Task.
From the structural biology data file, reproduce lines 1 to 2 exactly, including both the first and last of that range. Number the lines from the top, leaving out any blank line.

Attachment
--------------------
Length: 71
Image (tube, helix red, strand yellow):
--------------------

Length: 71
Image (tube, helix red, strand yellow):